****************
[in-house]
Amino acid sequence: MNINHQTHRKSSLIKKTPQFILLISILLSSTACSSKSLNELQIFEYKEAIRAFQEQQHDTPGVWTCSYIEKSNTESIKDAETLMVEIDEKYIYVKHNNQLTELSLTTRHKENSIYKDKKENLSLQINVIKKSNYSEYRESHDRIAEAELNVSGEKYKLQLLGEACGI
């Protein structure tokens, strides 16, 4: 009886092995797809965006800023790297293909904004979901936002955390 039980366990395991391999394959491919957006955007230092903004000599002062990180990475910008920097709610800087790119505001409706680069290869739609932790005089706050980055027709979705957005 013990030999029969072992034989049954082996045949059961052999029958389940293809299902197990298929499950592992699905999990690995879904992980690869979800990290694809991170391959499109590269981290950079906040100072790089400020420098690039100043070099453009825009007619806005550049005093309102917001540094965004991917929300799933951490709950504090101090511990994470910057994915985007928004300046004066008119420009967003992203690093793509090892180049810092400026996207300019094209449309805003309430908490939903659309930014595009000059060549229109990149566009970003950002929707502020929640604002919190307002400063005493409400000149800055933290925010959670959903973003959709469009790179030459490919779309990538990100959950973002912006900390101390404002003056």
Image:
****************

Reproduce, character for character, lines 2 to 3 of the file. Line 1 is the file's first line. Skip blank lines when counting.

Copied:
Amino acid sequence: MNINHQTHRKSSLIKKTPQFILLISILLSSTACSSKSLNELQIFEYKEAIRAFQEQQHDTPGVWTCSYIEKSNTESIKDAETLMVEIDEKYIYVKHNNQLTELSLTTRHKENSIYKDKKENLSLQINVIKKSNYSEYRESHDRIAEAELNVSGEKYKLQLLGEACGI
């Protein structure tokens, strides 16, 4: 009886092995797809965006800023790297293909904004979901936002955390 039980366990395991391999394959491919957006955007230092903004000599002062990180990475910008920097709610800087790119505001409706680069290869739609932790005089706050980055027709979705957005 013990030999029969072992034989049954082996045949059961052999029958389940293809299902197990298929499950592992699905999990690995879904992980690869979800990290694809991170391959499109590269981290950079906040100072790089400020420098690039100043070099453009825009007619806005550049005093309102917001540094965004991917929300799933951490709950504090101090511990994470910057994915985007928004300046004066008119420009967003992203690093793509090892180049810092400026996207300019094209449309805003309430908490939903659309930014595009000059060549229109990149566009970003950002929707502020929640604002919190307002400063005493409400000149800055933290925010959670959903973003959709469009790179030459490919779309990538990100959950973002912006900390101390404002003056």